I’ve had a few friends reach out to me lately and ask how I keep going despite having a chronic illness. “How does it not bother you?” “You always have a smile on your face!” I can confirm that it does in fact bother me and yes, I do have a smile on my face because I refuse to be sad all the time! Sometimes I am really sad and that smile on my face is not genuine. I have always felt like I have an image to maintain and I don’t want people asking questions or drawing attention to myself.
I know I said my intention word this year was strength a few blog posts ago, but sometimes that’s hard to maintain. I’ve been struggling with some symptoms lately and it scares me. I’m scared of falling back into an uncontrollable flare and the life I’ve built for myself taking a dramatic U-turn. Sometimes I feel like I’m doing too much and need to clear some things off my plate so I can really focus on what’s going on internally, but then I remember I’m a fighter and not a quitter. It’s a hard dichotomy to be apart of.
Chronic illness patients are often asked the dreadful question of “On a scale of 1-10, what’s your pain level?” What feels like a 10 to normal people is probably a 5 to us because we are used to feeling unnatural levels of pain. Just one way that we show strength. When asked how we are feeling and we say “fine” (but we really aren’t), that’s another level of strength. The smile I carry on my face day-in and day-out is me being strong for others. Sometimes, on the inside, all I want to do is break down and cry but I know I can’t do that in public.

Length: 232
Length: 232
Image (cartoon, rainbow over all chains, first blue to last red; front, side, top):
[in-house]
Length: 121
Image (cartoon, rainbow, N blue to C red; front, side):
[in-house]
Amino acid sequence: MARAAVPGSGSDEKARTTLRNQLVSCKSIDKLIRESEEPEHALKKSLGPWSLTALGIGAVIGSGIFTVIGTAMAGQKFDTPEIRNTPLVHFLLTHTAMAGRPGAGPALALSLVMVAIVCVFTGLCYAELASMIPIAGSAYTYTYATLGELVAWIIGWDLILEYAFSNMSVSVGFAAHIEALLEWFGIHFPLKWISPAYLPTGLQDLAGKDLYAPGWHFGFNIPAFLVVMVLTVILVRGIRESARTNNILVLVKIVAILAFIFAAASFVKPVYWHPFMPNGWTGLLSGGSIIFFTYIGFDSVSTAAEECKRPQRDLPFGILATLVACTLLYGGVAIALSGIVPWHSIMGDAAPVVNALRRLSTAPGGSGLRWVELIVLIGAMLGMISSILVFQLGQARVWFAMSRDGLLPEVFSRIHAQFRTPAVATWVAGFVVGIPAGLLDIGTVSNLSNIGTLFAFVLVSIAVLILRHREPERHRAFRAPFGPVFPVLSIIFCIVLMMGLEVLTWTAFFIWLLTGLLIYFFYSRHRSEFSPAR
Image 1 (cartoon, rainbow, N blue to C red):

One of the biggest challenges I still face as someone with a chronic illness, and in remission, is feeling like I have to hide this part of me or make it sound not as bad as it really is. It’s not something I necessarily want to hide, but it’s not something to be taken lightly so I can’t undermine the severity of the disease. It’s going to stay with me forever, whether I am symptomatic or not, and getting others to understand this concept will forever be difficult.
Having IBD does bother me, more than you might think! It is an extremely difficult disease to understand and navigate, especially as a young adult. Instead of being strong for others, I want to be strong for myself and know when to give myself rest or to say “no” to things. Chronic illness patients often feel an immense sense of guilt and feel like burdens to others. We feel like we’ve lost the life we always dreamed of having for ourselves. It takes a lot of strength and courage to forego those emotions and come out on top. Sometimes it feels like drowning. It’s okay not to be strong all the time – we have to allow ourselves the room to breathe and process the emotions that come along with chronic illness. It doesn’t happen overnight.
Holding yourself together when it feels like everything around you is falling apart shows true strength of character.
Just a reminder that you are doing the best you are able to do today, and that is enough!